Personal note: We have recently visited the Reading facility five times, hoping to adopt a dog as a playmate for our high-energy border collie mix we adopted last September (from Last Chance Ranch, previously written about). The facility is super clean. The workers are all trained (mandatory 1.5-hour orientation classes) and are very accommodating. The adoption visitation rooms are a bit small, but include chairs and homey artwork on the painted walls. Air quality from the mega-HVAC units is very good. There are no noticeable smells, except from the two, small, concrete-walled, uncovered pens (that usually hold rabbits or small animals, if any are available) in the dogs’ area. (I had an allergy attack after visiting the bunnies for too long.)
Visitors can look into the individual dog “habitats.” Most canine residents seem content on the heated floors, surrounded by a blanket, water bowl, and a toy or two. Sometimes two or three siblings or buddies share a room. Adoptable animals’ pictures and basic descriptions are on site at HSBC. You must fill out a pre-adoption form and show ID before “meeting” a dog (or cat). The volunteer will bring out the pet you want to see into the visitation room. They ask that you bring your own dogs, along with the rest of the family, for a visit. You can call ahead to check the availability of a particular animal.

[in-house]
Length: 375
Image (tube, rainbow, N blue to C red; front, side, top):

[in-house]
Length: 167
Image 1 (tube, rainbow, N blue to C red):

Visits are pleasant. Seeing the dogs so content, with little barking, and none of the “old” feel of caged dogs on concrete, it is much easier to visit and walk away without regret or guilt. All dogs we have considered have been adopted within 3 days of us viewing them online. All pictures and write-ups are updated on Thursdays, showing which dogs were adopted, but sometimes they are updated much more often.
The HSBC opened a second facility, the Holly Miller Center, in Douglassville in October 2008. The idea was to create satellite services throughout the county and beyond. A third Center opened in 2010. With multiple facilities throughout the county, no Berks County citizen is farther than 30 minutes away from one of the locations, and the multiple facilities are now handling an average of 7,000 animals per year.